Edited by andybbq - 1/14/14 at 5:19pm
post #66 of 68

The Tramontina is great, I have both a Tramontina and a Le Creuset.

The Le Creuset is a bit lighter but both cook equally well

post #67 of 68

I agree with previous posts.  Buy only what you need or want and not a set.  If you get a set you will be buying the things you really need later on.

 

For the money, nothing, IMHO, beats Vollrath (stainless or aluminum).  No, it's not pretty but it gets the job done (and well I might add) and you can outfit your wife with restaurant quality cookware for a lot less than the (quote) name brand stuff.  Try $40 bucks for a 10" skillet versus $120 for All-Clad, even more for Mauviel, E. DeHillerin, Matfer, etc. 

 

I buy my Vollrath at a local restaurant supply house.  No showroom, no frills, no thrills and generally if you pay cash they discount the purchase quite a bit.  And I virtually guarantee you'll walk out with a lot more than a few pots.  You just won't be able to resist the urge to buy other stuff to, like restaurant tongs, Forschner chef's knife, mixing bowls, heavy duty cooking sheets.  I mean it's a candy shop for cooks!!  Look in the yellow pages for "restaurant supply". 

 

This is not Dean and Deluca, Bed Bath & Beyond, Williams and Sonoma, etc.  These places are a wholesalers that sell commercial equipment to restaurants.  They are generally located in an industrial park.

 

I cooked with Vollrath for 20+ years before I bought myself a nice pot (Mauviel stainless - and it is VERY nice).  I also cook with old cast iron and you can't go wrong there either.  For pure stove-top cooking, it's hard to beat good quality cast iron...and the good stuff is very old (i.e.1930's or earlier - Griswold, Wagner, etc).  Yes, purchase it used.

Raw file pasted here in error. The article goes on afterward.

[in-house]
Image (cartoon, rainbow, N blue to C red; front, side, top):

I recently purchased  a new 10" and 12" de Buyer Mineral B iron pans and I must say I am very impressed so far.  Much more modern looking yet very functional.  I think it's basically forged iron ware not cast.

 

I don't buy for looks.  I buy for utility and how well the cookware performs.  Folks that come over to our house to eat comment that I have cookware that they've never seen before.  That's because nobody goes back into the kitchen of a good restaurant to check out what they actually use.  I use what they use.


Edited by DrLogik - 2/4/14 at 7:05pm
post #68 of 68
Quote:
Originally Posted by DrLogik View Post
 

I agree with previous posts.  Buy only what you need or want and not a set.  If you get a set you will be buying the things you really need later on.

 

For the money, nothing, IMHO, beats Vollrath (stainless or aluminum).  No, it's not pretty but it gets the job done (and well I might add) and you can outfit your wife with restaurant quality cookware for a lot less than the (quote) name brand stuff.  Try $40 bucks for a 10" skillet versus $120 for All-Clad, even more for Mauviel, E. DeHillerin, Matfer, etc. 

 

I buy my Vollrath at a local restaurant supply house.  No showroom, no frills, no thrills and generally if you pay cash they discount the purchase quite a bit.  And I virtually guarantee you'll walk out with a lot more than a few pots.  You just won't be able to resist the urge to buy other stuff to, like restaurant tongs, Forschner chef's knife, mixing bowls, heavy duty cooking sheets.  I mean it's a candy shop for cooks!!  Look in the yellow pages for "restaurant supply"...

 

Two brands rule as far as stuff that is supplied by restaurant suppliers (not in any order):

 

  1. Vollrath (their Optio line)
  2. Matfer Bourgeat (they're way way proud of their stuff and the price shows it!)

Best and I'm a foodie.   I know very little but the little that I know I want to know very well.

 

-T

Brot und Wein
(1 photos)
 
Reply

Best and I'm a foodie.   I know very little but the little that I know I want to know very well.

 

-T

Brot und Wein
(1 photos)
 
Reply